Even if California's farmers improve their already efficient use of irrigation water, little "new water" will be available for other uses.
That is the result of a study conducted by California State University, Fresno, researchers, who say they "found little potential exists for new water unless large swaths of agricultural land are taken out of production."
Pete Canessa, an agricultural engineer at CSU Fresno, led the team from the CSUF Center for Irrigation Technology that prepared the report.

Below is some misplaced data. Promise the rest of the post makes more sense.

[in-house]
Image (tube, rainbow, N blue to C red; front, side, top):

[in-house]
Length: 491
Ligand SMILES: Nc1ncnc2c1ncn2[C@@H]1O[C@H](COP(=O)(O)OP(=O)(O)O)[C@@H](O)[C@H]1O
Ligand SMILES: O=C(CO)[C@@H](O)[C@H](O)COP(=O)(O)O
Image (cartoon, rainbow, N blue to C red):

This study updates a previous one conducted in 1982 by the University of Califorina Cooperative Extension.
Among the findings were:
• Even if agriculture improved its water use efficiency by about 330,000 acre-feet per year, that would only represent about 0.5 percent of the state's total water use.
• Environmental reallocations of agricultural water represent about 5 percent of farm water diversions, depending on the year.
• On-farm conservation efforts can affect downstream environments.
View the complete report at www.californiawater.org.